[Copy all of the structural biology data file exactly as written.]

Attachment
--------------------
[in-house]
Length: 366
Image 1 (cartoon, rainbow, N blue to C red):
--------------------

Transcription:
[in-house]
Length: 366
Image 1 (cartoon, rainbow, N blue to C red):